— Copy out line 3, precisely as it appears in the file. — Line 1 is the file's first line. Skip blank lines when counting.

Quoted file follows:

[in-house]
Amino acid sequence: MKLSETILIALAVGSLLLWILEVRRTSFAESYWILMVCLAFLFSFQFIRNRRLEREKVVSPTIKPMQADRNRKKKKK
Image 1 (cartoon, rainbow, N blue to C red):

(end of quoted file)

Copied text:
Image 1 (cartoon, rainbow, N blue to C red):